Daniel highlights treatment of women and children as an issue of special interest and says she is fed up with “lip service” from the Coalition. She wants a national commissioner on violence against women and children with a 10-year remit to help “depoliticise” the issue.
But climate is probably the single biggest issue in Goldstein this election. Daniel’s decision to run as an independent was inspired by her children imploring her to do something about it. Her headline climate position is an emissions reduction target of 60 per cent by 2030, more than twice the Coalition’s Abbott-era target of just 26 to 28 per cent.
Daniel’s plan to achieve the cuts include the target being legislated, binding and overseen by an independent climate body with teeth, 80 per cent renewable energy by 2030 and rapid transition to electric vehicles and fuel efficiency standards.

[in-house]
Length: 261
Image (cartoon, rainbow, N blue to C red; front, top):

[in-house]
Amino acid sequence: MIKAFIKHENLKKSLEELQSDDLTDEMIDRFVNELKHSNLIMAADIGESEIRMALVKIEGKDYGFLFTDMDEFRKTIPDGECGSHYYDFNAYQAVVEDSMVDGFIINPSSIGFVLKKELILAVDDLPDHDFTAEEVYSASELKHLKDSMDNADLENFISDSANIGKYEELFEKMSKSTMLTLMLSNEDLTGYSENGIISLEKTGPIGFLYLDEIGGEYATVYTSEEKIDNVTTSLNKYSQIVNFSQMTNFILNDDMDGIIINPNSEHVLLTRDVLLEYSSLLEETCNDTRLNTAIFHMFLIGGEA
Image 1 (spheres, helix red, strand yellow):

Bill Hare, chief executive of international climate science and policy institute Climate Analytics says these policies would theoretically achieve a 60 per cent emissions cut by 2030.
If Daniel finds herself an independent MP in a hung parliament, she insists she will talk to Labor and the Coalition and “see what is on the table” before deciding who, if anyone, she will support.
“If the negotiations reflected the priorities of my constituency, I could work with either side.”
Current independent MP Zali Stegall, in Warringah, has declared Morrison a dealbreaker in any hung parliament negotiations, but Daniel says she can work with him.
“The leader of the party is not crucial,” says Daniel. “Zali and I have a different position on that.”
Even were she to guarantee supply to one side or the other, she stresses that she would assess each bill and issue she deals with on its merits.
But on the key issues – climate, integrity and gender – and after six months of torrid and often bitter battle against the Coalition and Liberal incumbent MP Tim Wilson in Goldstein, it is difficult to see Daniel backing the return of the Morrison government.